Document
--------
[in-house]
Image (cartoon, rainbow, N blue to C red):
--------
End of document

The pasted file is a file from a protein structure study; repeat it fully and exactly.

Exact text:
[in-house]
Image (cartoon, rainbow, N blue to C red):